--
Michael Karpovage

• Savannah Historic District Illustrated Map
www.karpovagecreative.com/savannah

• Account Manager/Illustrator
Mapformation, LLC - Atlanta, GA office
www.mapformation.com

• Author of Map of Thieves
www.mapofthieves.com


#5
David Medeiros

David Medeiros

    Hall of Fame

  • Validated Member
  • PipPipPipPipPipPipPip
  • 1,089 posts
  • Gender:Male
  • Location:Redwood City CA
  • Interests:Cartography, wood working, wooden boats, fishing, camping, overland travel, exploring.
  • United States

There's a lot going on there and most of it probably needs to be changed if you want this to be an appealing map for the public to use. Your best bet in my opinion is to find another map of similar context to emulate. My bias for city maps like this is towards a much lighter open feel, make a lot more use of the paper white as the background and don't fill every inch with fill color. Zero in on simple lines for streets and clear, legible text for street labels. I've attached a screen shot of the old CSAA San Francisco city map for comparison. Take particular note of the one-way arrows, you'll se that some of the arrows include slash marks at their base or tip to mark exactly where the one way designation starts or ends.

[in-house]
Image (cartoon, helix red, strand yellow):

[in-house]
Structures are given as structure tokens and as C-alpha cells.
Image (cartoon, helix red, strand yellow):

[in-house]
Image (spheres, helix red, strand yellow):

Attached Files


GIS Reference and Instruction Specialist, Stanford Geospatial Center.

 

www.mapbliss.com

 


#6
Hans van der Maarel

Hans van der Maarel

    CartoTalk Editor-in-Chief

  • Admin
  • PipPipPipPipPipPipPip
  • 3,898 posts
  • Gender:Male
  • Location:The Netherlands
  • Interests:Cartography, GIS, history, popular science, music.
  • Netherlands